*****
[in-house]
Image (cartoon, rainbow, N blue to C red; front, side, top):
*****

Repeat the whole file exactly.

[in-house]
Image (cartoon, rainbow, N blue to C red; front, side, top):